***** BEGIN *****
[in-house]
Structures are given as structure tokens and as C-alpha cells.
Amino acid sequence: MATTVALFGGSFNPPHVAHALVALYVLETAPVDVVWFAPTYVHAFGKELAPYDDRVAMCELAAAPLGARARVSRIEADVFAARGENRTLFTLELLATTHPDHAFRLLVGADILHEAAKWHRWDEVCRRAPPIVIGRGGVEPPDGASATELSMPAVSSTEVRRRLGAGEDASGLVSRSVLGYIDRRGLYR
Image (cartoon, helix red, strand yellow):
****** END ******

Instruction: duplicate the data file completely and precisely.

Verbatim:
[in-house]
Structures are given as structure tokens and as C-alpha cells.
Amino acid sequence: MATTVALFGGSFNPPHVAHALVALYVLETAPVDVVWFAPTYVHAFGKELAPYDDRVAMCELAAAPLGARARVSRIEADVFAARGENRTLFTLELLATTHPDHAFRLLVGADILHEAAKWHRWDEVCRRAPPIVIGRGGVEPPDGASATELSMPAVSSTEVRRRLGAGEDASGLVSRSVLGYIDRRGLYR
Image (cartoon, helix red, strand yellow):